/ 15 July 2009

‘Let construction restart in earnest’

A 12% wage offer ended a week-long strike by 70 000 workers at World Cup construction sites, officials said on Wednesday.

”The employers and unions agreed on 12%,” South African Federation of Civil Engineering Contractors (Safcec) spokesperson Schalk Ackerman said.

One of the sticking points in negotiations was the employer requiring an undertaking by unions that they would not strike again before the 2010 World Cup.

But Ackerman said it was agreed that the right to further industrial action before the World Cup was ”limited but not precluded”.

The National Union of Mineworkers (NUM) described the wage agreement as ”very good for labour”.

The agreement between NUM, the Building, Construction and Allied Workers’ Union (BCAWU) and Safcec was reached in the early hours of Wednesday morning.

It was welcomed by the 2010 Fifa World Cup local organising committee.

”The workers and employers have paved the way to the timely construction of the stadiums to be used during the World Cup next year,” said its chief executive, Danny Jordaan.

”The agreement gives practical meaning to their commitment to infrastructural development in South Africa, a key to future economic prosperity for our country and achieving sustainable peace and stability.”

About 70 000 construction workers at five of the 10 World Cup stadiums and several other key infrastructure projects downed tools on July 8 over pay.

World Cup stadiums affected by the industrial action included Moses Mabhida in Durban, Nelson Mandela in Port Elizabeth, Peter Mokaba in Polokwane, Green Point in Cape Town, Mbombela in Nelspruit and Soccer City in Johannesburg.

It also affected other projects including the King Shaka International Airport, the Kusile project, Eskom’s Medupi project, the Coega project, the Livingston Hospital and the Gautrain.

The NUM reported that 95% of the sites were hit by the strike, which threatened the completion of work on 2010 stadiums.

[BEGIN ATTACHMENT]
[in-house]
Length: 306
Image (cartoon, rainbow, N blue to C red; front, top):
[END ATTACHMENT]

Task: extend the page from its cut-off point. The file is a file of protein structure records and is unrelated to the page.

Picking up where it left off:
The Fifa deadline for the completion of all stadiums is October 15 this year.

NUM spokesperson Lesiba Seshoka said the agreement was better than expected.

”It is a very good agreement for labour. We hope our members are going to be excited.

”What we got for them was actually better than [what] they had given us a mandate for,” he said.

In a statement, Safcec said the NUM and BCAWU would call off the strike after a signing session at noon at the offices of the Commission for Conciliation, Mediation and Arbitration in Johannesburg.

The NUM had initially demanded a wage increase of 13% and the employer body offered 10,4%. Safcec later increased its offer to 11,5%.

Construction workers were expected to return to work at 7am on Thursday.

”Let the construction restart in earnest. We cannot wait for June 11, 2010 when the Fifa World Cup kicks off,” Jordaan said.

‘Friends of football’
Meanwhile, Congress of South African Trade Unions (Cosatu) general secretary Zwelinzima Vavi said on Wednesday that the workers who downed tools never wanted to disrupt the completion of 2010 soccer stadiums.

”They never wanted to undermine the country’s World Cup or the people of South Africa,” he said.

”We, more than anybody, are friends of football … The workers just wanted the benefits of 2010 to be shared with everybody, not only the employers,” he said.

Vavi said he was ”pleased” that an agreement had been reached between the employers and the workers.

”I want to thank all those whole played a role in the facilitation of discussions between the two parties concerned.”

He said the resolution also proved how critical some institutions were.

”Again the CCMA has proven how critical it is to this country,” said Vavi.

”And we are happy that there were no major disruptions during the strike action.” — Sapa